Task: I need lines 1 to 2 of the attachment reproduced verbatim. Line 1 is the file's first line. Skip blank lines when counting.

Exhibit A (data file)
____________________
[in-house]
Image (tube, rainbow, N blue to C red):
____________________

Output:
[in-house]
Image (tube, rainbow, N blue to C red):